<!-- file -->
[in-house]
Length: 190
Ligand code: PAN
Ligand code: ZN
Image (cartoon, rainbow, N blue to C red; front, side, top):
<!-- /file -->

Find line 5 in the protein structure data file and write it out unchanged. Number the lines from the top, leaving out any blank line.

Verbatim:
Image (cartoon, rainbow, N blue to C red; front, side, top):